Construction Reserve Fund
The Construction Reserve Fund (CRF), authorized by 46 U.S.C. Chapter 533 (the Act), is a financial assistance program that provides tax deferral benefits to U.S.-flag operators. Eligible parties can defer the gain attributable to the sale or loss of a vessel, provided the proceeds are used to expand or modernize the U.S. merchant fleet. The primary purpose of the CRF is to promote the construction, reconstruction, reconditioning, or acquisition of merchant vessels that are necessary for national defense and to the development of U.S. commerce. This page discusses eligibility requirements for the CRF, the program’s benefits, and restrictions on the Fund’s use.
A CRF may be established by any citizen of the United States who owns, in whole or in part, a vessel or vessels operating in the foreign or domestic commerce of the United States or in the fisheries. Additionally, a citizen who is operating such vessel or vessels owned by another individual may establish a CRF. The benefits available to the non-owner operator, however, are limited.
- Foreign commerce of the United States includes trade between the United States, its territories and possessions, and a foreign country.
- Domestic commerce of the United States includes trade between ports of the United States, its territories, and possessions embraced within the coastwise laws, on the Great Lakes, and on inland rivers. It is primarily operators in coastwise trades and on inland rivers that use the CRF.
- Owners of vessels operating in the fisheries of the United States, its territories, and possessions are also eligible.
In the event of sale or actual constructive total loss of a vessel, Section 511 provides for the non-recognition of gain for purposes of Federal income or excess profits taxes. To defer taxation on the gain, the taxpayer must deposit in the CRF an amount equal to the net proceeds of the sale (or to the net indemnity) with respect to the loss, and make a proper election on the organization's Federal income tax return. Both ordinary income gain and capital gain may be deferred in this manner.
This tax deferral mechanism has enabled various fund holders, depending on specific circumstances, to
- build larger, better-equipped new vessels,
- reduce mortgage debt on new vessels, or
- build a greater number of vessels
Deposits into the CRF must be made within 60 days after receipt by the taxpayer of amounts representing proceeds of the sale or indemnification for loss of a vessel. As defined by Section 511, the terms “net proceeds” and “net indemnity” mean the sum of (1) the adjusted basis of the vessel and (2) the amount of gain which would be recognized to the taxpayer without regard to the CRF.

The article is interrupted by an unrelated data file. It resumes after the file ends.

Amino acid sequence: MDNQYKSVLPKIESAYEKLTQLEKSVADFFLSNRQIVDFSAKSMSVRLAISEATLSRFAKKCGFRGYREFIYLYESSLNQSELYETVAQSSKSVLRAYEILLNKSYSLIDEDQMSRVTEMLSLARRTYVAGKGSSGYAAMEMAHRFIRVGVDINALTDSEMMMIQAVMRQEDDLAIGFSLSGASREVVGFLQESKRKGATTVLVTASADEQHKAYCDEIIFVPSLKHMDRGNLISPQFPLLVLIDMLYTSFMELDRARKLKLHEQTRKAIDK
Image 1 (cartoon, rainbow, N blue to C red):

Note: The ability to defer gain under this provision applies only to vessel owners. Citizens operating a vessel owned by another individual can not benefit from the provisions relating to the non-recognition of gain from the sale or loss of a vessel.
The Act also permits a vessel owner or operator to deposit into the CRF earnings from the operation of vessels documented under the laws of the United States and earnings from the investment of the fund. Such deposits do not exempt the taxpayer from tax liability on the earnings nor do they postpone the time such earnings are includable in gross income. However, earnings so deposited are considered to have been accumulated for the reasonable needs of the business within the meaning of the Internal Revenue Code. This ability to accumulate funds for the construction, reconstruction, or acquisition of a vessel is the only benefit available to the non-owner operator of a vessel.
Requirements for New Vessels
The non-recognition of gain provisions applies only to the extent that monies deposited in the CRF are expended for the construction, reconstruction, or acquisition of a new vessel or vessels. The Act stipulates that the new vessel must be constructed or reconstructed in the United States and documented under the laws of the United States. Ordinarily, a vessel to be acquired with expenditures from the CRF would not be considered suitable to carry out the purposes of the Act if it was constructed more than 5 years prior to acquisition. Vessels must be of such type, size, and speed as to be suitable for use on the high seas or Great Lakes. If a vessel is less than 2,000 gross tons or has a speed less than 12 knots, the Maritime Administration must determine that the particular vessel would be useful to the United States in case of war or national emergency.
Within three years from the date of any deposit into a CRF, the money deposited must be obligated under a contract for the construction or acquisition of a new vessel. Within that time frame, no less than 12.5 percent of the price of the vessel must be expended or irrevocably obligated, and no less than 5 percent of the work on the vessel must be completed. Finally, the Maritime Administration must determine that the price of the new vessel is fair and reasonable.
This page is intended as a general information to the Construction Reserve Fund and its basic provisions, as administered by the Maritime Administration. Additional information regarding Federal financial assistance programs for the fisheries is available from the National Oceanic and Atmospheric Administration at the following address:CCF Program, Financial Services Division (F/MB5)
National Marine Fisheries Service
1315 East West Highway
Silver Spring, MD 20910